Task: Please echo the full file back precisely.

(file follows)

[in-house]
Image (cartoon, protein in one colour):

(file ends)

[in-house]
Image (cartoon, protein in one colour):